Saint of the Day – 26 October – Blessed Damian dei Fulcheri OP (Died 1484) Dominican Priest and Friar, renowned Preacher – born at Fulcheri, Liguria, Italy and died in 1484 at Modena, Reggio d’Emilia, Italy of natural causes.
One of the bright lights of the fifteenth century was Damian dei Furcheri. Unfortunately we know very little about him, expect that he lived at a time and place not noted for sanctity and he was known as a holy man.
Damian was born in Furcheri, near Genoa, at the end of the fourteenth century. His people were rich and noble and also pious. We know nothing of his youth, except the not-too-revealing fact, that when he was a baby, he was kidnapped by a lunatic. His parents prayed to Our Lady and the baby was returned unharmed.
Damian entered the Order of Preachers at Genoa and became a diligent student and a model Dominican. He was to be known especially for his preaching. The field of his endeavours was Italy. He seems never to have left the country.
By the force of his preaching, he inspired many hundreds of sinners to repentance and, since the fifteenth century produced many sinners who needed such preaching, he was kept supplied with works for a long lifetime.
Damian died in a little village near Modena, in 1884 and immediately became the object of much pious speculation, because of the miracles worked at his tomb. He was not, however, Beatified until 1848, though his relics were by that time widely distributed and his cult well known.
Blessed Damian was Beatified on 4 August 1848 by Blessed Pope Pius IX.
Prayer God of truth, for the salvation of the faithful You endowed Blessed Damian with wondrous virtues and powers of speech. Through his prayers, may we hear Your word with an open heart and hold fast to it with patience. We ask this through our Lord Jesus Christ, Your Son, who lives and reigns with You and the Holy Spirit, one God, forever and ever. Amen
Thought for the Day – 25 October – Meditations with Antonio Cardinal Bacci (1881-1971)
“Month of the Holy Rosary” “Deliver Us From Evil”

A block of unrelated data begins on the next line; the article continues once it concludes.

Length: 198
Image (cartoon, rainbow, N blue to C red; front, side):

“Deliver us from evil, amen.” This is our last request in the Lord’s Prayer. God is our Father, Creator and Redeemer. Who cannot desire our ruin but only our welfare. Nevertheless, He wishes us to ask Him everyday, to deliver us from evil.
We ask God to deliver us from evil of any kind. There is nothing to prevent us from beseeching Him to save us from physical ills, such as sickness or hardship or any of the other many afflicions of life. God loves us and, therefore, does not wish us to have to suffer. He loves us, however, as He knows best and so desires our true welfare. He knows that suffering and sorrow are our necessary heritage in life. They are the salt which preserves us from corruption.
It would be fatal for us to be always happy in this world, for then, we should forget God and our true everlasting happiness. By all means, let us ask humbly for deliverance from bodily ills but, let us not complain, if God does not grant our request. He alone knows what is best for us, now and in the future.
Finally, when we ask God to rescue us from material evils, we should do so in a spirit of submission and resignation to His holy will. “Thy will be done, on earth as it is in Heaven.” We should keep in mind the words of Jesus Christ. “If anyone wishes to come after me, let him deny himself and take up his cross daily and follow me” (Lk 9:23). Where are we to follow Him? To Calvary, of course. We must suffer and die as He did. Only afterwards can we achieve everlasting happiness.
Deliver us from evil, therefore, O God. Deliver us if possible, from bodily and from earthly ills but, let Your will be done. We realise, that there is a purpose in suffering, the mission of which, is to purify us and lead us more easily to You. We shall thank You, if You hear our plea but, we shall be no less grateful, if it pleases You to reject it.”
Quote/s of the Day – 25 October – Thirtieth Sunday in Ordinary Time, Readings: Exodus 22:20-26, Psalms 18:2-3, 3-4,47, 51, 1 Thessalonians 1:5-10, Matthew 22:34-40
“You shall love the Lord your God with all your heart and with all your soul and with all your mind. And the second is like it: You shall love your neighbour as yourself.”